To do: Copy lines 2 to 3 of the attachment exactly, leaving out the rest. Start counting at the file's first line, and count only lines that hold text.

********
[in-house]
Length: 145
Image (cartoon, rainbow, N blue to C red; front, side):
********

Length: 145
Image (cartoon, rainbow, N blue to C red; front, side):